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Qoo10 Indonesia records 700,000 daily pageviews, embraces merchants in rural areas

Enricko Lukman

Quite a few international e-commerce players reside in Indonesia, and today we will take a look at Korea-based Qoo10, which has been particularly active lately.

Qoo10 is a joint-venture program between Korea’s marketplace Gmarket and eBay, and it’s now active in six markets: Singapore, Japan, Indonesia, Malaysia, China, and Hong Kong. Qoo10 is progressing quite well in Indonesia, ranking 173rd most visited website according to Alexa.

Qoo10 is a B2C and C2C marketplace platform. It accepts payment via credit card, bank transfer, PayPal, its own currency called Q-Money while offering escrow service for its C2C merchants.

The site takes commission fees between seven to 12 percent from item sales, and also lets merchants sell products to Qoo10′s sites in other countries.

Steady progress in 18 months

How well is Qoo10 doing so far? Indonesia’s marketing manager Melina Tio gave us an overview about the company’s figures:

  • About 400,000 registered members and 10,000 sellers.
  • There are 200,000 daily unique visitors, recording 700,000 daily page views.
  • Over 500,000 merchandises available.
  • The site processes 5,500 to 10,000 transactions every day, with daily GMV between $75,000 to $150,000.

Getting lucky on Qoo10

qoo10 lucky lounge

The numbers above are quite impressive, considering that the site was only launched in April last year.

Qoo10 offers a lot of ways for Indonesians to buy its products, including daily deals, group buying, auctions, and Lucky Lounge. The latter is a feature in which users who win a lottery drawing can buy a specific product at a low price. Each lottery submission costs one stamp, which can be earned by shopping or playing games on Qoo10.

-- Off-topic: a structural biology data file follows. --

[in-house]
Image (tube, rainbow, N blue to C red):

Right now there are 21,000 bids lodged in for a Sony Xperia Z Ultra (priced at only IDR 10,000 ($1) for lucky users), each bid needs one stamp. This means that users need to visit Qoo10 for three to six days to earn a stamp without making any purchases. This feature alone definitely can attempt a lot of Indonesians into making regular visits.

With all the features Qoo10 offers, the site looks a bit cluttery, but it seems Indonesians and Singaporeans like it nevertheless. Yeah, you read that right – while 85 percent of buyers come from Indonesia (60 percent from Jabodetabek area), Singaporeans account for 15 percent of the total number of buyers.

Approaching villages in Indonesia

Qoo10 recently announced its cooperation with Indonesia’s Ministry of Small and Medium Enterprises and Cooperatives (MSMEC) to support the OVOP (One Village One Product) program. Through the OVOP project, individuals and SMEs from underdeveloped regions in Indonesia will be trained on how to strengthen their businesses using Qoo10’s online platform.

These products will be sold both locally and internationally by Qoo10. Sellers from villages need only to deliver the products to Qoo10′s warehouse whenever there’s demand, and Qoo10 will do the rest. One percent of total OVOP product sales will be donated to MSMEC.

Upcoming plans

Tio explains that the team is looking to tie in more partnerships with big local brands as well as merchants in city outskirts. In the future Qoo10 will look to offer fresh food and groceries too, which is a very popular category in South Korea as well as Singapore.

The company also has its own chat app called QTalk. It plans to integrate it more with Qoo10’s platform as medium through which buyers and merchants can commicate.

Qoo10’s biggest rival in Indonesia is Rakuten Belanja Online. The latter now operates as a stand-alone subsidiary after its joint venture split with media conglomerate MNC.

(Editing by Josh Horwitz)

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